- a person, especially a minor, who has been legally placed under the care of a guardian or a court.
- the state of being under the care or control of a legal guardian.
- guardianship over a minor or some other person legally incapable of managing his or her own affairs.
verb (used with object)
- warbling vireo,
- warburg, otto heinrich,
- ward eight,
- ward heeler,
- ward off,
- ward, artemas,
- ward, artemus
Origin of ward
Origin of -ward
Examples from the Web for ward
You know, Ward, I think I understand my father more every day.The Story Behind Lee Marvin’s Liberty Valance Smile|Robert Ward|January 3, 2015|DAILY BEAST
They were sent in to help educate villagers about how to ward off the lethal virus.
In that vein, Burns and Ward stress how TR, ER, and FDR “overcame … the traumas of their childhoods” and young adult lives.
Here, Burns and Ward not only introduce us to the diverse projects and achievements of the New Deal.
Yes, Burns and Ward have produced an Intimate History that deftly weaves together the personal and the political.
Then the roof of the ward lifted about an inch, and more wind beat down, and as it beat down, so the roof lifted.The Backwash of War|Ellen N. La Motte
He was standing over her now, and she was cowering before him, her shaking hands rising as though to ward off his eyes.The Ward of King Canute|Ottilie A. Liljencrantz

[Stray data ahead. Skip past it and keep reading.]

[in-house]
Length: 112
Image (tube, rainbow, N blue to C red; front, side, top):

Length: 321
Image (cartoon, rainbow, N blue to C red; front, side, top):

The first prominent failure in the city took place, I think it was Ward & Co., commission merchants and private bankers.The Adventures of a Forty-niner|Daniel Knower
If I say you must not leave here; that I will not permit my ward to work for her living?Medoline Selwyn's Work|Mrs. J. J. Colter
They pleaded with her, on bended knees, in the village church, to ward off this dread enemy and to send them protection.Our Little Polish Cousin|Florence E. Mendel
- Also called: ward of courta person, esp a minor or one legally incapable of managing his own affairs, placed under the control or protection of a guardian or of a court
- guardianship, as of a minor or legally incompetent person
- an internal ridge or bar in a lock that prevents an incorrectly cut key from turning
- a corresponding groove cut in a key
Word Origin for ward
Word Origin for -ward
Old English weard "a guarding, a watchman, a sentry," from West Germanic *wardo (cf. Old Saxon ward, Old Norse vörðr, Old High German wart). Used for administrative districts (at first in the sense of guardianship) from late 14c.; of hospital divisions from 1749. Meaning "minor under control of a guardian" is from early 15c. Ward-heeler is 1890, from heeler "loafer, one on the lookout for shady work" (1870s).
Old English weardian "to keep guard," from Proto-Germanic *wardojan- (cf. Old Saxon wardon, Old Norse varða "to guard," Old Frisian wardia, Middle Dutch waerden "to take care of," Old High German warten "to guard, look out for, expect," German warten "to wait, wait on, nurse, tend"), from *wardo- (see ward (n.)). French garder, Italian guardare, Spanish guardar are Germanic loan-words. Meaning "to parry, to fend off" (now usually with off) is recorded from 1570s. Related: Warded; warding.
adverbial suffix expressing direction, Old English -weard "toward," literally "turned toward," sometimes -weardes, with genitive singular ending of neuter adjectives, from Proto-Germanic *warth (cf. Old Saxon, Old Frisian -ward, Old Norse -verðr), variant of PIE *wert- "to turn, wind," from root *wer- (3) "to turn, bend" (see versus). The original notion is of "turned toward."